Another member of the Marvel Cinematic Universe family has chimed in on the debate about whether comic book movies should be considered "cinema". Director James Gunn responded to comments made by legendary filmmaker Francis Ford Coppola via Instagram the other day, calling for understanding between the two sides.
The debate hit new heights when Martin Scorsese expressed his dislike for the genre by claiming the superhero films are not "cinema". His words were met with backlash from fans and creators alike. Joss Whedon (The Avengers), Taika Waititi (Thor: Ragnarok) and Damon Lindelof (HBO's Watchmen) were among those that expressed their disagreement. At the time, Gunn (Guardians of the Galaxy) was fairly open about his thoughts, saying, "Martin Scorsese is one of my 5 favorite living filmmakers. I was outraged when people picketed The Last Temptation of Christ without having seen the film. I'm saddened that he's now judging my films in the same way."
James Gunn is weighing in once again following the release of a recent interview with Apocalypse Now director and co-writer, Francis Ford Coppola. The award winning filmmaker doubled down on Scorsese's sentiment, claiming he was too kind and didn't go far enough in his criticism. Coppola said that Marvel films are not cinema "because we expect to learn something from cinema, we expect to gain something, some enlightenment, some knowledge, some inspiration." He argued that they are essentially shallow in that you don't get anything additional out of it with multiple viewings, adding, "Martin was kind when he said it's not cinema. He didn't say it's despicable, which I just say it is."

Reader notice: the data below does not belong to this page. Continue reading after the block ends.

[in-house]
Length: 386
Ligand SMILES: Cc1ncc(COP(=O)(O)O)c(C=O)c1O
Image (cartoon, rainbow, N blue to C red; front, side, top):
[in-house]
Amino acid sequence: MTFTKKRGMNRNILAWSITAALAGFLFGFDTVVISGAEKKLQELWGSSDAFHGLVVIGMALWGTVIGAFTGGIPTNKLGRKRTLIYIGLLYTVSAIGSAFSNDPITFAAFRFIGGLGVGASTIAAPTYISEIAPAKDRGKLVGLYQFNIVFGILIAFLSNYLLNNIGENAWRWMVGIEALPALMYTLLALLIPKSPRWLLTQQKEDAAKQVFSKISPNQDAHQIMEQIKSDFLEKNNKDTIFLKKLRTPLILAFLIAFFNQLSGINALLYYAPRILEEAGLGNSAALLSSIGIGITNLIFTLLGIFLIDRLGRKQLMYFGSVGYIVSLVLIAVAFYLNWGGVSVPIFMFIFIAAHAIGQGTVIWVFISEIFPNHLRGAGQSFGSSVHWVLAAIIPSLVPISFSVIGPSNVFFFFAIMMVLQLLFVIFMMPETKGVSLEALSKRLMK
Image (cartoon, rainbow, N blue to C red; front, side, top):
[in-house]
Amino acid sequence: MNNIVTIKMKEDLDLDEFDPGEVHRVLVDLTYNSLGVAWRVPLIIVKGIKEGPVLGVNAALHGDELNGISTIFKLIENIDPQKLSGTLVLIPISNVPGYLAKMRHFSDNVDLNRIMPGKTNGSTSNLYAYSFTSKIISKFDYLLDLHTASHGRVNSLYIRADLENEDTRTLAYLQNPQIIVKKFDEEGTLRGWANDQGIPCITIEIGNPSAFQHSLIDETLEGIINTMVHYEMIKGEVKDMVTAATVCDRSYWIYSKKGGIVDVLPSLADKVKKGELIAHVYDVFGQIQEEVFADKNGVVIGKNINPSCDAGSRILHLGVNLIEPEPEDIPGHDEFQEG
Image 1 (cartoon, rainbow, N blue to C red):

James Gunn is helping to lead the charge of comic book film supporters through his social media. In response to the interview, he posted a picture of the beloved duo Groot and Rocket and attempted to build a bridge between the two sides. Gunn drew parallels between booming genres of the past and the current wave of superhero flicks by equating the dissension among filmmakers in the early days of gangster movies and westerns.
Just as comic book movies are monopolizing current generations' interests, Gunn argues, so too did gangster movies in their time. Gunn added a personal touch to his thoughts by including an anecdote about his grandfather. When a young Gunn was "raving" about the Star Wars films, his grandfather saw no difference between that and on of the genre's most influential and cinematically praised films, Kubrick's 2001: A Space Odyssey. Gunn summarized his thoughts by saying.
"Many of our grandfathers thought all gangster movies were the same, often calling them "despicable". Some of our great grandfathers thought the same of Westerns, and believed the films of John Ford, Sam Peckinpah and Sergio Leone were all exactly the same. Superheroes are simply today's gangsters/cowboys/outer space adventurers. Some superhero films are awful, some are beautiful. Like westerns and gangster movies (and before that, just MOVIES), not everyone will be able to appreciate them, even some geniuses. And that's okay."
Gunn was behind some of the genre's most beloved characters. He created a tonal and story shift in the MCU with his Guardians of the Galaxy films and is expected to do the same for DC in his upcoming The Suicide Squad. He will return in the coming years to Marvel for Guardians of the Galaxy Vol. 3.
This likely won't be the end to this debate in this quickly shifting entertainment landscape. Forty years ago, releasing a film with critical praise was the ultimate goal, and for creators like Scorsese who brought us Goodfellas and The Taxi Driver and Coppola's Apocalypse Now and The Godfather, those films had something profound to say. Now, there are fewer studios and fewer theaters as the television and streaming platforms explode. While there are some who despise this shift, others are embracing the boom in stories that can be told. Meanwhile, comic book films, reboots and sequels are practically guaranteed money as they're considered a safer choice for studios. It's inevitable that the more variety we see in productions, the more dissent we are going to see in opinion. Hopefully, we can all take a page from Gunn's book and understand that "that's okay."
You can check out Gunn's full statement on his Instagram.